Pawtucket has several not-great areas, and the problem is that "everyone" (or just about everyone, it seems to me) targets Pawtucket multi-family properties saying, "it's close to the T!". Yes it is, but when everyone uses the same rationale to pursue things in Pawtucket, it makes the prices shoot up. So I think Pawtucket is good for sheer # of rental properties (supply), but I would be careful with the #s just because the demand has caused prices to increase so much, and definitely drive by any potential Pawtucket property both day and night since there are some tough parts of Pawtucket.

Cumberland is great, again not a lot of rentals (like Western Cranston), you'll pay more but generally higher quality. As long as the #s work Cumberland is pretty good.

North Providence is the land of condos (LOL). Lots of rental supply there, generally the areas are a little tougher and definitely "rental quality" but for the most part not too bad, certainly not like South Providence or Olneyville toughness. More like B-C, whereas Cranston is a solid B trending to A in Western Cranston and with some C where it borders Providence. I haven't done a ton in Cumberland to comment on specific areas per se but generally I think of it as generally B with some A areas and a few C areas down where it borders Central Falls.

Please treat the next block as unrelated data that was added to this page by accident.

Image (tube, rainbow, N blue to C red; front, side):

West Warwick is tougher, generally C, plenty of rentals and generally rental quality. Like Warwick, I don't know too many people who target WW specifically. If you don't mind working class, thoroughly C areas, I think West Warwick has a lot of promise. But it is farther away for someone who's investing from Massachusetts. Even if you hire a property manager, it's nice to be able to drive by occasionally to check up, and West Warwick would add at least a half hour each way compared to, say, Pawtucket or North Providence.